Ghana is a West African nation of more than 27 million people, more than half of whom live in urban settings. Life expectancy at birth is 61 years. Ghana has provided access to improved water sources to nearly 80% of the population, however only 15% of Ghanaians have access to improved sanitation. Enrolment in secondary school is steadily increasing and in 2016, girls’ enrollment trailed that of boys, but only by two percentage points.[1]

UNICEF advocates, inspires and works with all its partners to deliver inclusive, equitable and sustainable services for improved survival, development, protection and participation of all children in Ghana.[2]

The WinS4Girls program aimed to effect change in the school through several media. This includes interactive classroom activities, web-based platforms, posters, and videos.

Quick Facts
Percentage of schools with:
Basic drinking water
Basic sanitation or toilets

Literacy rate for youth (15 - 24 years old) 86
Primary education completion rate 65
Secondary education completion rate 39
Gender parity rate in secondary schools competition (number of females to male) 0.83


Global Education Monitoring Report, Education for People and Planet: Creating Sustainable Solutions for All. UNESCO, 2016. Paris, FR.


  • Ministry of Education/Ghana Education Service (School Health Education, Programme Unit, Girls Education Unit, Guidance and Counselling Unit, Curriculum Research and Development Division).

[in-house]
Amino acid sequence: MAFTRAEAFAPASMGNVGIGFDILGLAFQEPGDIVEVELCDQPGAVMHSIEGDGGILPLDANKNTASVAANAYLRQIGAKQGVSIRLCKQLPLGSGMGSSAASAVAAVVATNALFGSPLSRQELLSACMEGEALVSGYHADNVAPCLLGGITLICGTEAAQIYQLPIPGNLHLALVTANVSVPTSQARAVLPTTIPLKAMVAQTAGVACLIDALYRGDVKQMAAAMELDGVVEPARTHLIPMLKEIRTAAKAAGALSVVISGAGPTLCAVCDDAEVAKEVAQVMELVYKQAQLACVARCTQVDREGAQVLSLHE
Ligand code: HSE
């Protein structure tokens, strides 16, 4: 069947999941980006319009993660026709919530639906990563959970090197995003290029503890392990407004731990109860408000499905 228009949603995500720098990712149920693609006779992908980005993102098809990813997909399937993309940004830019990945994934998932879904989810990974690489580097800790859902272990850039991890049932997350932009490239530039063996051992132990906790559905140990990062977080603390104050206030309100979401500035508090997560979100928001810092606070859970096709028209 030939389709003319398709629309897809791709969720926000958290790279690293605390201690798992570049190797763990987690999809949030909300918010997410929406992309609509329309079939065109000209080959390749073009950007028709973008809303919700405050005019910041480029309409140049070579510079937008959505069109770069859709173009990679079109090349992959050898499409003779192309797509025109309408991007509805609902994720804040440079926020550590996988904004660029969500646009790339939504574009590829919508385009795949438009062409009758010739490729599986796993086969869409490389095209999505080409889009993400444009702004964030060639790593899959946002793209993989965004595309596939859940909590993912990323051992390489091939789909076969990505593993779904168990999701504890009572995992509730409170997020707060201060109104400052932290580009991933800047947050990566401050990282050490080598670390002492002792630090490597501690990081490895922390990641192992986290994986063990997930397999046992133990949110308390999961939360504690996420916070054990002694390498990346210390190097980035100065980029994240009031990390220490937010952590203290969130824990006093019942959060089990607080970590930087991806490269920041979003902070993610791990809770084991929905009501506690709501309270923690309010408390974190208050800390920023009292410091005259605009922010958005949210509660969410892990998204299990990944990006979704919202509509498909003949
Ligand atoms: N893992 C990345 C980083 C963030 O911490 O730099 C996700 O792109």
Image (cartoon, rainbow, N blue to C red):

• University of Ghana (Institute of African Studies).
  • Forum for African Women Educationalists (FAWE) Ghana Chapter.
  • Right-to-Play.


Under WinS4Girls, UNICEF worked with ministries of education and other partners at national level (typically through MHM Working Groups) to develop and promote a MHM intervention package informed by the WinS4Girls formative research.

Depending on the country, the intervention packages have taken different forms in response to the diverse needs expressed by girls, their teachers, and their families during the research. For example, they may include national or sub-national policies and guidelines; learning and communication materials; and training modules for teachers, health workers, and peer educators. In some cases, the package has included infrastructure development and pad production or distribution.

The package includes the following:

  • Be Amazing! Period. Is an interactive website for girls, boys, and teachers to understand the changes associated with puberty and tools to motivate and empower self-actualized lives.
  • Communication materials, including posters, tri-fold presentation learning aides, and flashcards for teachers to use with their learners to develop understanding of puberty and MHM.
  • MHM Champion clips are audio or video files on notable people in Ghanaian society speaking to raise awareness of MHM issues.
  • Game for the classroom designed to introduce puberty and MHM concepts to learners.


The team completed a formative research study on the perceptions and practices associated with menstrual hygiene management in Ghana. By introducing and sharing the research outcomes at the National Level Learning Alliance Platform (NLLAP), a WASH sector multi-stakeholder platform, they generated a high level of awareness of MHM challenges at district, regional and national levels of government. The team also used the research to engage the media, particularly the Ghana WASH Journalists Association to support awareness creation, and subsequent generation of media articles on MHM.

Visit the Resources Section to download the implementation package